WITH the approach of the election I think of Jesus’ parable of the talents, which in this story refers to money. (Matthew, chapter 25, vs 14-30.)

He told the story of an employer who was going away. He called his workers to him and gave them differing amounts of money. The first was given five talents. He traded with them and on his employer’s return he gave the original sum together with the profit he had made. His employer said, “Well done, good and faithful servant,” and rewarded him by giving him five more. Another worker who received just one talent, hid it in the ground and on his employer’s return gave him exactly what he had been given. His employer was annoyed and took the single talent away from him giving it to the first who had profitably used his money.

The story illustrates our modern expression, “Use it or lose it.”

In today’s society I think education is similar to a biblical talent. How many of us really value the education we have received and use it to the full? Another example of a biblical talent is right to vote. How often do we consider the struggle of many people in the past to extend the right to vote beyond privileged land owners, and to include women in the electorate? Do we deserve their sacrifice on our behalf?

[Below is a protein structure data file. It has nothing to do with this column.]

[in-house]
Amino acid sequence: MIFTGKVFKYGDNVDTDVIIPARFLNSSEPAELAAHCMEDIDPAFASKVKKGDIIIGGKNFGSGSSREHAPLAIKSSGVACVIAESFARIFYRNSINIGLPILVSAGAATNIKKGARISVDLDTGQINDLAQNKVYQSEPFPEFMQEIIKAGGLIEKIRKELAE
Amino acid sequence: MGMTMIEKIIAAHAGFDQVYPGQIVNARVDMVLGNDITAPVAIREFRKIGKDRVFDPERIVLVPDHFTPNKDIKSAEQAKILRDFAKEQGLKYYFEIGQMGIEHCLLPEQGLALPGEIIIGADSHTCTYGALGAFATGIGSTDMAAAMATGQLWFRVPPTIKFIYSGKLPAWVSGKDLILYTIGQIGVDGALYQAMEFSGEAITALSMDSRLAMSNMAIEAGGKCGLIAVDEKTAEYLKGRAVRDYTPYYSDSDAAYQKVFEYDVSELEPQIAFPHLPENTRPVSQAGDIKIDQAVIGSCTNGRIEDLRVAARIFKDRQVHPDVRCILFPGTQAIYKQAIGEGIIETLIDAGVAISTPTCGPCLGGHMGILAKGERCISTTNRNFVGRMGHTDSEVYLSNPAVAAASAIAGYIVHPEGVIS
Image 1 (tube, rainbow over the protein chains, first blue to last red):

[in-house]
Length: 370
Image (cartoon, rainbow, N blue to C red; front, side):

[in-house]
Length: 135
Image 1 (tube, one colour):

These thoughts were triggered when I spoke with a lady last week who said she put all the election leaflets in the recycling bin. I think she was disillusioned with politics.

But as educated citizens we have a chance to use our vote to protect and further the things we really care about. These may be many and various, for example;

Caring for the environment, clean air and open spaces.

Valuing the National Health Service and the staff who make it work.

Giving children the means to live satisfying and fulfilled lives.

Providing affordable housing which nurtures family life.

And many other aspirations.

The moral is use your vote or risk losing it in the future. This may be one modern interpretation of the parable of the talents.

Ruth Neal,

Churches Together in Hale